What is sepsis?

March 22, 2017

(From www.sccm.org)

​Your doctor or the intensivist (a doctor with special expertise and training in the care of critically ill patients) in the ICU may have told you that your loved one has sepsis. This condition may be the reason he or she was admitted to the ICU, or it may have developed during hospitalization. Whatever the cause, your loved one is seriously ill, and you undoubtedly have questions. This brochure is designed to help you understand sepsis and its treatment.

 

What is sepsis?
Sepsis is the body’s response to infection. Normally, the body’s own defense system fights infection, but in various stages of sepsis, the body’s response goes into overdrive, setting off a series of events that can lead to inflammation throughout the body. The forms of sepsis include severe sepsis, which occurs when an organ cannot function normally or fails completely such as the kidneys or liver, and septic shock, when the cardiovascular system begins to fail so that blood pressure drops, depriving vital organs of an adequate blood supply.

How does someone get sepsis?
Each year, sepsis strikes an estimated 1,600,000 people in the United States alone (Agency for Healthcare Research and Quality Center for Delivery, Organization, and Markets. Healthcare Cost and Utilization Project, Nationwide Inpatient Sample, 1993-2009). Any kind of infection—bacterial, viral,
parasitic, or fungal—anywhere in the body can trigger sepsis. It can strike anyone at any age, although the very old, very young, hospitalized patients, and people with other medical conditions may be at increased risk. Factors that may make an individual susceptible to sepsis include:

• An underactive or depressed immune system (such as during chemotherapy or when medications are used to prevent the rejection of an organ transplant)
• Recent surgery
• Mechanical ventilation (machine-assisted breathing)
• Genetic tendency
• Invasive procedures or intravenous (IV) lines to provide fluids or medicine

Signs and symptoms of sepsis
Sepsis is the body’s response to an infection. The symptoms can include:
• Fever and shaking chills
• Reduced mental alertness, sometimes with confusion
• Nausea and vomiting
• Diarrhea
• Increased heart rate, greater than 90 beats per minute
• Increased breathing rate
• High or low white blood cell count (blood test)
• Low blood pressure
• Altered kidney or liver function

Sepsis can develop quickly. The sooner it is diagnosed and treated, the better. The most frequent sites of infection leading to sepsis are the lung, urinary tract, abdomen, and pelvis. In up to 30% of patients, however, a definite source of infection cannot be identified. The course of the disease may be unpredictable. Some patients may deteriorate quickly, while others suffer from varying degrees of organ dysfunction or failure, but most will recover with treatment. Sometimes there are long term physical or brain function consequences. This varies with the severity of the illness.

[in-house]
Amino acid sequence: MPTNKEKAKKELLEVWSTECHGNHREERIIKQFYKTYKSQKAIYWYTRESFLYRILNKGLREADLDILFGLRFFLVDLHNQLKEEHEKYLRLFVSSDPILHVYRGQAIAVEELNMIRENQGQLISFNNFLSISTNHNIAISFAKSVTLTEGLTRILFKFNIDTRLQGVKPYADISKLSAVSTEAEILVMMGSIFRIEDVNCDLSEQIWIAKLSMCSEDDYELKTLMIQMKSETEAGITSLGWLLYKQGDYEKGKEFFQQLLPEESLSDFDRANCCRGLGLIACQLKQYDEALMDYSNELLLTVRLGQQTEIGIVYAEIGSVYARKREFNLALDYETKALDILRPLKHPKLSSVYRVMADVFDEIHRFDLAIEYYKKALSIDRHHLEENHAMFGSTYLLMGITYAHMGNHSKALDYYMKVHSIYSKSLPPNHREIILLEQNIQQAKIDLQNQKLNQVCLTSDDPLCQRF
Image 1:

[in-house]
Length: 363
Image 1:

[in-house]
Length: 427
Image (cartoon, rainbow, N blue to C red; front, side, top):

The course of sepsis
Harmful germs may sneak past the body’s defense systems and cause infection. The defense system tries to fight these invaders with chemical signals. However, in sepsis, the defense system overreacts and produces too many signals. High amounts of these signals make the blood vessels inflamed. Some factors may make the defense system’s response worse, such as older age, other ongoing illnesses, or the type of germ involved.

This inflammation of the blood vessels also can cause problems like blood clots and low blood pressure, which can lead to low blood flow to the lungs, brain, kidney, liver, and heart.

Treatment of sepsis
Sometimes it is hard to tell if someone has sepsis because this condition looks similar to other medical problems. A person with sepsis may have a fever, fast heartbeat, breathing problems, and decreased urination, but these are also signs of other illnesses. The first line of treatment is to find the infection early. Anti-infection medicine or surgery can help get rid of the infection. Some patients need other treatments, such as:

• Fluids and drugs to raise the low blood pressure
• A breathing machine
• A feeding tube
• Pain killers or sedative drugs to increase comfort
• Drugs to lower the level of stomach acid and prevent ulcers and bleeding
• Dialysis for kidney problems

The best way to stop sepsis is to treat it quickly. Patients should get fluids and anti-infection medicine within one hour of the doctor’s diagnosis of sepsis. There is no one treatment for sepsis. Scientists are doing research every day to find new treatments for this serious disease. If you think your
loved one may have sepsis, ask the doctor or nurse to evaluate your loved one. It’s better to ask than to presume that this condition is not present.

Resources
ICU-USA, Inc. ICU medical conditions: sepsis. www.icu-usa.com
Mayo Clinic. Diseases and conditions: sepsis. www.mayoclinic.com
Sepsis Alliance. Someone I know was diagnosed with sepsis. www.sepsisalliance.org
Society of Critical Care Medicine. Patients and families: what is critical care? www.myicucare.org or www.sccm.org
Surviving Sepsis Campaign. www.survivingsepsis.org

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